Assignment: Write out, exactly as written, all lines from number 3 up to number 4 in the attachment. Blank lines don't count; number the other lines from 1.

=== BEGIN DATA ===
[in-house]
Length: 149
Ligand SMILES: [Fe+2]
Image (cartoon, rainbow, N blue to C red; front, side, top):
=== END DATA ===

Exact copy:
Ligand SMILES: [Fe+2]
Image (cartoon, rainbow, N blue to C red; front, side, top):